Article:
March 9, 2016

Filing Day: Old faces, open seats and uncontested races

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Sen. John Arthur Smith filling out forms to file for reelection in 2016.

Filing day took place for candidates for many positions throughout the state—but the main focus is on state representatives and state senators.

Former State Rep. Sandra Jeff

Andy Lyman

Former State Rep. Sandra Jeff

Two contested primaries with former legislators trying to return to the Roundhouse will likely receive a big amount of attention in the next two months.

Related Story: Who’s running for House, Senate seats?

Former State Rep. Sandra Jeff of Shiprock is back running for office, this time in the state Senate.

Jeff will be taking on incumbent Benny Shendo of Jemez Pueblo in the Democratic primary  Senate District 22.

Jeff was a wild card in the house Democratic caucus, sometimes voting with the Democrats but also breaking with her party to vote with Republicans on some key issues.

A former Senator is taking another crack at getting back his old district, as well.

Shannon Robinson represented Senate District 17 from 1989 to 2008, when he lost in the Democratic Primary to Tim Keller.

Robinson then switched parties in 2012 to run against Keller as a Republican. Keller won with just under 65 percent of the vote.

Robinson has switched back to the Democratic Party and is running again in District 17; this time, he faces Mimi Stewart. The Bernalillo County Commission chose Stewart to replace Keller when Keller won the race for State Auditor.

Open seats, many candidates

Eight Representatives and two Senators aren’t running for reelection this fall. In each of these races there are primaries with more than one candidate in at least one party.

Photo from the Secretary of State's office on filing day, 2016.

Photo from the Secretary of State’s office on filing day, 2016.

House District 24 is a great example. It is not only an open seat since Conrad James opted not to run, but is in a swing district, so it attracted multiple candidates from each party. Former State Rep. Liz Thomson wants the seat back after losing it to James in 2014 (she beat James in 2012). But she will have to face consultant Carolyne DeVore-Parks in the Democratic primary.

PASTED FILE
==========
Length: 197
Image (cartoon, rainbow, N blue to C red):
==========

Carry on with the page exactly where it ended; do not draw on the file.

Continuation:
Related Story: Dem with controversial past files for State House seat

On the Republican side, James already endorsed chiropractor Christina Hall. That didn’t stop teacher Ryan Doyle from joining the race.

House District 48, on the other hand, is a different story. There are three Democratic candidates, but no Republicans.

The reason why is it is one of the more Democratic-heavy districts in the state; Rep. Luciano “Lucky” Varela opted to not run again. His son, Jeff Varela, is running instead.

The younger Varela, a consultant with experience in state government, will face Linda Trujillo and Paul D Campos in the primary.

Trujillo is currently the Santa Fe School Board president, while Campos is a former Santa Fe County Commissioner.

Varela is one of two sons running to replace their fathers. Darryl Madalena is running in House District 65 to replace James Roger Madalena, who decided not to run for another term in the House.

The younger Madalena, who is a Sandoval County Commissioner, will face Derrick J. Lente in the primary. Lente is an attorney and the chairman of the Middle Rio Grande Conservancy District board of directors.

There is no Republican running.

On the Republican side, Senate District 19 has four Republican candidates. Tea party activist Anthony Linn Thornton, realtor Herb Gadberry, former state Rep. James White and James Roger Wilder of Sandia Park all are running.

The winner will face Harold W Murprhee of Sandia Park, the lone Democrat to file.

Uncontested races

On the other hand, congratulations to 22 members of the House and 17 members of the Senate who already essentially won election by having neither a primary or general election opponent.

Sen. John Arthur Smith filling out forms to file for reelection in 2016.

Sen. John Arthur Smith filling out forms to file for reelection in 2016. He faces no competition in either the primary or general election.

 

There is still the chance of an independent or write-in candidate filing at later dates to run, but the odds of one winning, if the past is any indication, is essentially zero.

That is nearly one-third of the House and over 40 percent of the Senate that can breath easy from now until November.

In four Senate districts, candidates will only need to win a primary and then will face on general election opposition. All of these are contested Democratic primaries.

That means that in 21 of the 42 districts, there will likely be no real choice for voters in the general election.

In the House, there are seven races where the primary winner will face no opponent in the general election. Like in the Senate, these are all contested Democratic seats where no Republican ran.

The Republican Party of New Mexico sent a press release bragging about how no incumbents will face primary competition.

“We’re also very proud that our party has unified behind our candidates, unlike the Democrats who have primary challenges for 11 different incumbents,” the statement reads. “The six primary challenges that Senate Democrats have to contend with show that voters are so unhappy with Democrat leadership in that chamber that even Democrats want to vote against those in charge.”

Three of the incumbents in each of the House and Senate will face no Republican competition in the general election, as the Republicans were unable to find candidates to run in those races.

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